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City of L.A. asks court to toss out lawsuit seeking skid row clearance

A man sits in a chair next to mounds of clothes on the sidewalk.
A man who goes by the name Big O sits next to mounds of clothes on a sidewalk on skid row.
(Francine Orr / Los Angeles Times)

The city of Los Angeles filed a motion on Wednesday seeking dismissal of what it called a “misguided” lawsuit that attempts to compel local government to provide shelter to thousands of homeless people living on downtown sidewalks and next to freeways.

Lawyers for the city argue that while homelessness is “among the greatest challenges facing our region,” efforts to address it through the lawsuit filed in federal court last year against the city and county are misplaced.

The L.A. Alliance for Human Rights, which brought the suit, wrongfully asked the court to “ignore fundamental principles of federalism and separation of powers, and to intrude into the city’s handling of complex policy issues that should be addressed by the elected city leaders, not the court,” city attorneys wrote in the 25-page motion.

“Indeed, as plaintiffs acknowledge, the city’s leaders have already devoted great efforts, money, and resources to address homelessness, and the city has only increased those efforts in recent years.”

The city further argues that the L.A. Alliance — a coalition of downtown business owners and residents, including homeless people — has failed to prove any of its claims, including the notion that homeless encampments have been allowed to persist in certain parts of the city, such as skid row, Venice and under the 405 Freeway, more than in other areas.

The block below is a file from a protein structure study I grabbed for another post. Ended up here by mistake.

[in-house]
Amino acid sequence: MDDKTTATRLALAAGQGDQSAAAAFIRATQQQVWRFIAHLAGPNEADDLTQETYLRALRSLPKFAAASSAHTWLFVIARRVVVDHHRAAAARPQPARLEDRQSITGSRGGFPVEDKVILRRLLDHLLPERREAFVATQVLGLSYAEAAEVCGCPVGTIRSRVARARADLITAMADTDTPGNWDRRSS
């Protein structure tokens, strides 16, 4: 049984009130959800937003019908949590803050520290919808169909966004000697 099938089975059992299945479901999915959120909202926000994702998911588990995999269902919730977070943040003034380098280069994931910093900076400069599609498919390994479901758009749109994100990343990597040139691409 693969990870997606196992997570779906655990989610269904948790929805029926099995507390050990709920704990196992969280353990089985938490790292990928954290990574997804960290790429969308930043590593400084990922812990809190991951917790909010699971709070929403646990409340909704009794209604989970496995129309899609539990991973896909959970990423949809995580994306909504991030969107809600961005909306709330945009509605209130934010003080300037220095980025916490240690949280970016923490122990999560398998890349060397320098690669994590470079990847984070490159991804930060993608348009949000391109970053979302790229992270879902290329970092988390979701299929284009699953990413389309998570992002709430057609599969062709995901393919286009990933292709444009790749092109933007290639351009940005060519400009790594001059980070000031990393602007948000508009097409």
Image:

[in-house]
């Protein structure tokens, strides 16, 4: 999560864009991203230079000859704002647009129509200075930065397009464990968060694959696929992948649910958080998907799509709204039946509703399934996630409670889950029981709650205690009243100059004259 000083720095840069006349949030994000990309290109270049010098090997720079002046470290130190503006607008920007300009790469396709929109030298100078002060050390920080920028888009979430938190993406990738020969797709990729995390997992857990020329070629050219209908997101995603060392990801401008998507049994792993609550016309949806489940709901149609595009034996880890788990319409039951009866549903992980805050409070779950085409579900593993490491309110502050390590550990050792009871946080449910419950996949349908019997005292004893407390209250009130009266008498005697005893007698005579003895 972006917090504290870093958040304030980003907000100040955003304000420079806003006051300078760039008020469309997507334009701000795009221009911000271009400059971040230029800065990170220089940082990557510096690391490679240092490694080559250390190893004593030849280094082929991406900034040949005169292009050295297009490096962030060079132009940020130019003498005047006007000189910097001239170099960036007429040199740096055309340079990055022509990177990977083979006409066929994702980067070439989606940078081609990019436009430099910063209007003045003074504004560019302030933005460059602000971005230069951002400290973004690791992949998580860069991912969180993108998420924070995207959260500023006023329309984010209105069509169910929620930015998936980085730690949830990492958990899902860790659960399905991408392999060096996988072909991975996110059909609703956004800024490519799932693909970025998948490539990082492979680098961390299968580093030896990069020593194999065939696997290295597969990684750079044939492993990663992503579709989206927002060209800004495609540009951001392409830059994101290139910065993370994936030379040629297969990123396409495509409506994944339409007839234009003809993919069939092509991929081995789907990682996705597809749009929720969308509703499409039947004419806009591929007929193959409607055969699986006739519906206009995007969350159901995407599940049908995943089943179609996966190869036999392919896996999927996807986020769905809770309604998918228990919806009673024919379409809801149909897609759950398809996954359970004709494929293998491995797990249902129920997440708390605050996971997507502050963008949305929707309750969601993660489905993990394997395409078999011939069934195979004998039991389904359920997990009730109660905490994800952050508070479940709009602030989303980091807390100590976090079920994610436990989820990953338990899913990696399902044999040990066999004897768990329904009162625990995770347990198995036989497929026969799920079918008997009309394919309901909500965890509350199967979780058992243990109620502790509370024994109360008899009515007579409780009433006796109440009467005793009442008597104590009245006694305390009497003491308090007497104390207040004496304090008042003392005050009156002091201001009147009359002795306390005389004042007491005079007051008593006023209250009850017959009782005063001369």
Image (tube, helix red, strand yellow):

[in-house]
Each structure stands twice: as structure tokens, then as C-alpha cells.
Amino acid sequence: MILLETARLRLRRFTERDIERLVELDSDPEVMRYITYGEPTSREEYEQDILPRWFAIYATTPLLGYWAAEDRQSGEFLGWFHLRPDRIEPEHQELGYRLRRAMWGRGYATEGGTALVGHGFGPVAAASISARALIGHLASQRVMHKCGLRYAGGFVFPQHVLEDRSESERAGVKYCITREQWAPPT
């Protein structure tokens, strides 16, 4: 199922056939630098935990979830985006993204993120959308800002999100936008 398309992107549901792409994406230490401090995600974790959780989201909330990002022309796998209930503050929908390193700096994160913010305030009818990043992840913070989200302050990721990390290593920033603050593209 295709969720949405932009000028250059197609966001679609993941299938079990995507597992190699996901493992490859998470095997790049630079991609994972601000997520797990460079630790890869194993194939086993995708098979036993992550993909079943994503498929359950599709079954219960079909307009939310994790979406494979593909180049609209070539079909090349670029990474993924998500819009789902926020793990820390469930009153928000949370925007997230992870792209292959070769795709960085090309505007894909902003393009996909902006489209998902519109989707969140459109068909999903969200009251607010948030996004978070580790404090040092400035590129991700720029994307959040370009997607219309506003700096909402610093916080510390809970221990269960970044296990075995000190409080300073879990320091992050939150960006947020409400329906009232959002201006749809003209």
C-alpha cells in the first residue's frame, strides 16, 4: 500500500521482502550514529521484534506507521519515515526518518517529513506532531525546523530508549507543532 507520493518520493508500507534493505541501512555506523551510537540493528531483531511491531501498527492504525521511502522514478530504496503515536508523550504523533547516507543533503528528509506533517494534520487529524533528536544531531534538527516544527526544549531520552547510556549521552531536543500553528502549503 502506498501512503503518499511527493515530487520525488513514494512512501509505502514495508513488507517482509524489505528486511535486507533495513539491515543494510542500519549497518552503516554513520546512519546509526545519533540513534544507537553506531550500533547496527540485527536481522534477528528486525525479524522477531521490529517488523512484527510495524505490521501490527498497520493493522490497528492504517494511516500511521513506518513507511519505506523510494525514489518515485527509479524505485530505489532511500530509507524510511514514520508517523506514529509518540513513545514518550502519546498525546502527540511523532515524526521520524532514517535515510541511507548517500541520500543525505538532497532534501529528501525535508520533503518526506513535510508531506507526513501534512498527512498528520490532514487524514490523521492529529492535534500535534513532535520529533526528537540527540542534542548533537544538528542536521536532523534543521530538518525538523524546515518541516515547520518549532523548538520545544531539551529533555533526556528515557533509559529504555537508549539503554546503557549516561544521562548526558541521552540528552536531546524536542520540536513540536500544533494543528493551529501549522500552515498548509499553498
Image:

A plan for how to solve Venice’s homeless crisis has emerged from behind-the-scenes talks among a coalition of Venice activists, city officials and deputies of the area’s city councilman.

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Los Angeles city attorneys also contend that the plaintiffs have not proved their claim that $1.2 billion in voter-approved Proposition HHH funds have been “wasted” because of a focus on permanent housing rather than the interim solutions the L.A. Alliance contends would be cheaper and a better use of money.

A hearing is scheduled for Aug. 9 in Los Angeles federal court to discuss the city’s dismissal motion.

Meanwhile, a panel of the U.S. 9th Circuit Court of Appeals is expected to hear arguments next month on the city and county’s attempt to freeze a judge’s order that local government must offer housing opportunities to the entire population of skid row by mid-October.

In April, U.S. District Judge David O. Carter issued the injunction ordering that the skid row housing effort must begin with offers to all single women and unaccompanied children living on downtown streets. The city and county immediately requested that the appeals court issue a stay pending appeal.

The city and county of L.A. may have a strong case as they seek to overturn a sweeping order requiring them to offer shelter to everyone on skid row.

A May 27 hearing in Carter’s courtroom explored the role of racism as the driving force behind the homelessness crisis in Los Angeles. The city and county then filed papers arguing that racism is beside the point of the L.A. Alliance lawsuit, which does not allege a constitutional violation on the basis of race.

Instead of clarifying the issues, Carter’s racism hearing “amplified, rather than mitigated, the need for a stay pending appeal,” the appellants wrote.

At the May hearing, Carter urged the city and county to begin immediate settlement talks to resolve the lawsuit— or adhere to his timetable for offering shelter to the homeless population of skid row.


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